Origins Available: English, French-Alt, French
England in the great wave of migration following the Norman Conquest of 1066. It comes from the Angevin personal name Imbert.
Early Origins of the Imbard family
England. Their ancient seat was at Montferrand (now Clermont-Ferrand).
Early History of the Imbard family
This web page shows only a small excerpt of our Imbard research.
Another 165 words (12 lines of text) covering the years 1265, 1288 and 1273 are included under the topic Early Imbard History in all our PDF Extended History products and printed products wherever possible.
Imbard Spelling Variations
A multitude of spelling variations characterize Norman surnames. Many variations occurred because Old and Middle English lacked any definite spelling rules. The introduction of Norman French to England also had a pronounced effect, as did the court languages of Latin and French. Therefore, one person was often referred to by several different spellings in a single lifetime. The various spellings include Imbert, Imburt, Imberd and others.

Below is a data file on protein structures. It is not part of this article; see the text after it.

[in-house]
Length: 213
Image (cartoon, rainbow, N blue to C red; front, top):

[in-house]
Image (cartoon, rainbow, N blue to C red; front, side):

Early Notables of the Imbard family (pre 1700)
More information is included under the topic Early Imbard Notables in all our PDF Extended History products and printed products wherever possible.
Migration of the Imbard family to the New World and Oceana
Many English families left England, to avoid the chaos of their homeland and migrated to the many British colonies abroad. Although the conditions on the ships were extremely cramped, and some travelers arrived diseased, starving, and destitute, once in the colonies, many of the families prospered and made valuable contributions to the cultures of what would become the United States and Canada. Research into the origins of individual families in North America has revealed records of the immigration of a number of people bearing the name Imbard or a variant listed above: Andrew Imbert, who sailed to Maryland in 1694; and Charles Imbert migrated to Texas in 1890.
Imbard Family Crest Products